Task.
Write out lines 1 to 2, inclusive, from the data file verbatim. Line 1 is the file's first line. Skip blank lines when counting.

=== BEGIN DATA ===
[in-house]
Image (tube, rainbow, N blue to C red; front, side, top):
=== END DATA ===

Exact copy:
[in-house]
Image (tube, rainbow, N blue to C red; front, side, top):